Despite having a paper thin 38-1 record there is no doubting Panya's ability in the ring. He is a talented boxer-puncher, with good hand speed, nasty body shots, and a good understanding of the ring. He could, and probably should, have done much more with his career and as mentioned he is arguably the best at 105lbs right now. He can box, he can punch, he can move and at times it looks like he can pretty much do anything. He does however sometimes flatter to deceive and can make tactical errors, such as fighting the wrong fight against Wanheng, with both of their fights being very close, and following fighters rather than cutting the ring down, an issue that we saw against Danai Ngiabphukhiaw last November.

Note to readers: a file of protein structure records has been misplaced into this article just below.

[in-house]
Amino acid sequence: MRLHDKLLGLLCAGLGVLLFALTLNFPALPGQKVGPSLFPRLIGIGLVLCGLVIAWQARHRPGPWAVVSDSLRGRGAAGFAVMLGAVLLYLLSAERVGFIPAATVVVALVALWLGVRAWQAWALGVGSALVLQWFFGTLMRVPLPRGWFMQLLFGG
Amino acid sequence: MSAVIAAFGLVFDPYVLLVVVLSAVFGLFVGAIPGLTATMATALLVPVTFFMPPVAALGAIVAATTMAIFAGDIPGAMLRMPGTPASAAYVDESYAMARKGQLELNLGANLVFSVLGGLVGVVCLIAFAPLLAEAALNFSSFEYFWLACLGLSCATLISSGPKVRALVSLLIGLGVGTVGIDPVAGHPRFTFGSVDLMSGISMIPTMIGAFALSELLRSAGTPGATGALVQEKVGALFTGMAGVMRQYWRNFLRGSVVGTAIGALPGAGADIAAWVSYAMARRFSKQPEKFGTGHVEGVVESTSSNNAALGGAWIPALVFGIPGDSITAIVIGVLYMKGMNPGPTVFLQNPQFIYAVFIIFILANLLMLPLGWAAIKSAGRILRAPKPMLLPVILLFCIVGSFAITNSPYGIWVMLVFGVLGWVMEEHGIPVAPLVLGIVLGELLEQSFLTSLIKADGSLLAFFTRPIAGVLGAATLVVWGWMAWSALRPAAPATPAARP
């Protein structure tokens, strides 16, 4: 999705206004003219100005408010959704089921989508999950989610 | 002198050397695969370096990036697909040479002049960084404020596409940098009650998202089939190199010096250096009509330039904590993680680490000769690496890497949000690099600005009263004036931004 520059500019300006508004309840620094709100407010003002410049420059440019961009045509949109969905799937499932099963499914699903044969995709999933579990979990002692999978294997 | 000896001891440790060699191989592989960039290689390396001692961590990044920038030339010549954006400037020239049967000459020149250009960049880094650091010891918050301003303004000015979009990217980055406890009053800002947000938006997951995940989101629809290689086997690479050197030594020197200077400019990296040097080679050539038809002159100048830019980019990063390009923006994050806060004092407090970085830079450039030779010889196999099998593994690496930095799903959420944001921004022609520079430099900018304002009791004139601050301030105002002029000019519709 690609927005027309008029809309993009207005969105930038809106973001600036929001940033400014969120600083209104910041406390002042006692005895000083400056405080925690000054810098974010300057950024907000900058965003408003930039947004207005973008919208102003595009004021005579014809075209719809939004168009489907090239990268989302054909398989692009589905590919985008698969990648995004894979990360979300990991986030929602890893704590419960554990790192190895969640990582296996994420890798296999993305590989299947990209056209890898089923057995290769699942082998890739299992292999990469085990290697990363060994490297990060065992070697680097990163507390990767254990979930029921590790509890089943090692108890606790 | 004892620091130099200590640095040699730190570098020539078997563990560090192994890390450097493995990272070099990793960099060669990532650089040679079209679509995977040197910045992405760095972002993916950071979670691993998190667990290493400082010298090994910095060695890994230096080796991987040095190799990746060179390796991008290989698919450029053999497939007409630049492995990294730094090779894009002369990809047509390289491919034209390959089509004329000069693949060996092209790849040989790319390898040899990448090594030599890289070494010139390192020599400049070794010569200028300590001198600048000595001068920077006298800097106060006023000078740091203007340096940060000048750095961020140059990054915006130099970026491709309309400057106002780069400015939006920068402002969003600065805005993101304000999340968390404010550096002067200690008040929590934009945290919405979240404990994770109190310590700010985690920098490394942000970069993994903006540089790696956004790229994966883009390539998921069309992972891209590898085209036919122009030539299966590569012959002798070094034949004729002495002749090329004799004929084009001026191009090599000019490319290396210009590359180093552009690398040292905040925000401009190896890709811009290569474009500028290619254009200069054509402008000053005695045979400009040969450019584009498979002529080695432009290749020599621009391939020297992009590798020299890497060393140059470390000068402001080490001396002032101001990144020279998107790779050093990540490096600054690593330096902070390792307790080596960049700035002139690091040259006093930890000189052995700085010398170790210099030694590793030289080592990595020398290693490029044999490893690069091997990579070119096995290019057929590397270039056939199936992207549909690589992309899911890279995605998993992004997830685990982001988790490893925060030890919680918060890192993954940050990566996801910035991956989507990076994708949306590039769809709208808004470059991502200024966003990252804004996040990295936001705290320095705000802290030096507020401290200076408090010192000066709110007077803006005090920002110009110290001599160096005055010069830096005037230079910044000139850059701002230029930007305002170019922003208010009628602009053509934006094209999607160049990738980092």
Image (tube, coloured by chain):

The Japanese challenger, who's now 37 years old, has had a rollercoaster like career with a number of ups and downs. He began his career 9-0 and despite going 11-8 since then there is no doubting his achievements, including his Japanese title 2in in 2019, when he stopped Shin Ono. There is also no questioning the talent he's gone in against, with losses to Kenichi Horikawa, Akira Yaegashi, Ryoichi Taguchi, Tsubasa Koura and most recently Knockout CP Freshmart. He has held Japanese honours and managed to fight for world and Regional honours during his career. Sadly though at the age of 37, and with out a fight since the end of 2020, it's hard to say just what he has in the tank.